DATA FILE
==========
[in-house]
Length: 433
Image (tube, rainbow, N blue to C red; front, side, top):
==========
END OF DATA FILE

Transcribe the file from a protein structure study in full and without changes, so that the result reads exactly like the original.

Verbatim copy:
[in-house]
Length: 433
Image (tube, rainbow, N blue to C red; front, side, top):